The upheaval that followed the death of Freddie Gray in April 2015 had an undeniable effect on the political career of Mayor Stephanie Rawlings-Blake.
Just as she was getting ready for a re-election campaign against her predecessor, she decided to leave public office. She will have been in Baltimore city government for 21 years when her term ends in December.
But Rawlings-Blake was already facing challenges before the unrest.
One indication came when she was introduced at Gray’s funeral a received a half-hearted round of applause. Former Mayor Sheila Dixon received cheers and applause that lasted more than 30 seconds.
Retired Johns Hopkins University Political Science Professor Matthew Crenson says the crowd was speaking more to Rawlings-Blake than to Dixon.
“I think they were saying whatever Sheila may have done, we felt that the city was doing well then,” says Crenson, who adds Dixon has a better public image than Rawlings-Blake, despite being forced from office in a corruption scandal.
“What Dixon did was to project the image of an energetic, effective mayor,” he says. “It’s what Rawlings-Blake seems to be incapable of doing.”
John Willis, a political science professor at the University of Baltimore, says a mayor’s public image, built through radio, television and newspaper reports, helps build public trust.
“The media is an important part of building that relationship between the public and whatever office you hold,” he says.
Rawlings-Blake declined to comment through her assistant Lindsay Hill. Hill said neither the mayor nor her spokesman, Howard Libit, felt comfortable answering questions regarding her critics.
Mayor vs. the media
Rawlings-Blake has been combative at times with the media.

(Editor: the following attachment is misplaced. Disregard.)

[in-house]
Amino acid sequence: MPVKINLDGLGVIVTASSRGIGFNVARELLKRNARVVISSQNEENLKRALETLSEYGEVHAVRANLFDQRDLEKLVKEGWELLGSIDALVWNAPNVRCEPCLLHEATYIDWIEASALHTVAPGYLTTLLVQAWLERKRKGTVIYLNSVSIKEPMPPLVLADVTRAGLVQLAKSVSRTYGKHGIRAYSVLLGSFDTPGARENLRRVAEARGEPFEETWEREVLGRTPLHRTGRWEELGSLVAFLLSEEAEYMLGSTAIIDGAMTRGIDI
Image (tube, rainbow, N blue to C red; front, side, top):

Two years ago, she rebuked a reporter for asking her about homicide clearance rates when she was announcing a drop in homicides for the first half of 2014.
“I know it’s very difficult for you to see any positive news in what we’re doing; you are very glass half empty,” she said.
When asked about about complaints her administration favored downtown development over revitalizing neighborhoods, she said “I’m sick of people asking questions that don’t make sense.”
Willis says fighting the media is not helpful for a mayor trying to achieve a policy objective.
“There may be members of the public that agree with you, but in terms of accomplishing your objectives, it ultimately is going to harm your objectives,” he says.
The public view
Critics also have complained that Rawlings-Blake is aloof and projects no sense of urgency.
“Where’s our mayor?” Sandtown resident Sheila Conway asked during protests outside of the Western District Police Station last year. “Where she at? She ain’t here.”
Ebony Diggs, of East Baltimore, who was outside a mayor’s event in Edmonson Village Tuesday, said Rawlings-Blake is disconnected with the community.
“She’s not in the community,” she said. “If you not in it, you can’t be really for it; you only see what you see.”
Her brother, Jezber Diggs, said he wants a mayor that is “not afraid of” the public.
“See how you’re standing here solo by yourself [interviewing people]?” he asked. “I don’t think she would do that; I think she is afraid of some of the public.”
Both professors Willis and Crenson say Rawlings-Blake had a perfect opportunity to prove her critics wrong during the unrest, but she missed it.
Crenson says she could have been highly visible; fitting the image of the messiah mayor that cities have long looked towards to solve problems. But that’s not her style.
“She more than most, I think, fell short of projecting that image,” Crenson says, while at the same time cautioning that projecting that image “doesn’t necessarily mean you’re accomplishing anything.”
Willis says the mayor knows the issues and has been governing. But she’s often frustrated with getting people to understand her thought process behind decisions.
“When that frustration comes through, it’s not received well by either the council or the public,” he says.
Both observers say the mayor has a mixed record when it comes to how she has governed after the riots and that history will be much kinder to her. Crenson in particular credits Rawlings-Blake for not losing a single life during the unrest.